Appeal to State Commission against District Forum decision
15. Appeal.-Any person aggrieved by an order made by the District Forum may prefer an appeal against such order to the State Commission within a period of thirty days from the date of the order, in such form and manner as may be prescribed:
Provided that the State commission may entertain an appeal after the expiry of the said period of thirty days If it is satisfied that there was sufficient cause for not filing it within that period.
(Provided further that no appeal by a person, who is required to pay any amount in terms of an order of the District Forum, shall be entertained by the State Commission unless the appellant has deposited in the prescribed manner fifty per cent of that amount of twenty-five thousand rupees, whichever is less.)
(i) Providing cross objections at appellate stage cannot be made applicable to the proceedings under the Act, hence cross objections are not maintainable as these were not filed before the District Forum; Arvinder Singh Chawla v. Kullbhushan, 2001 (1) CPR 387.
(ii) the words “sufficient cause”, though deserves to receive a liberal interpretation, yet, a just and equitable balance has to be maintained between the right secured by the respondent as a result of expiry of the prescribed period of limitation and the injustice of depriving the appellant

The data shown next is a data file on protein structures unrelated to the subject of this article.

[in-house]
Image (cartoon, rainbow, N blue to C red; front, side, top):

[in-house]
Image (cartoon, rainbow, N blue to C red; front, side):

of a adjudication of his grievances on the merit of his appeal for causes beyond his reasonable control, which means the cause in bona fide and beyond the control of the appellant. Though, no hard and fast line can be drawn as to what affords `sufficient causes’ in a given case, yet, again
as per settled law, any cause which prevents a person from approaching the court within the time is `sufficient cause’. In doing so, it is the test of a reasonable man in normal circumstances which has to be applied; Pradeep Kumar v. Assistant Finance Officer, Delhi Vidhut Board, 2001 (1) CPR 9.
(iii) The appellate fora constituted under the Act should not dismiss the appeal merely on the ground of default of appearance of the appellant but the merits of the case should be considered on the basis of the material available before them and thereafter pass appropriate order in the appeal; General Manager. Telecom v. Jyantilal Hemchand Gandhi, 1993 (III) CPR 155.
(iv) Ordinarily, the appellate Court does not interfere with the compensation awarded unless it is too inadequate or too excessive; Namlada v. Suresh Chandra Mittal, 1993 (I) AIR 631.